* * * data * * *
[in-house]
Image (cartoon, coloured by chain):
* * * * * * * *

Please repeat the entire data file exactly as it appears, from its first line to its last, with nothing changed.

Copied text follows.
[in-house]
Image (cartoon, coloured by chain):